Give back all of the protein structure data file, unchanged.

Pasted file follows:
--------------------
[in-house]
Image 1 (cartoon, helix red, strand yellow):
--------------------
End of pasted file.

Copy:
[in-house]
Image 1 (cartoon, helix red, strand yellow):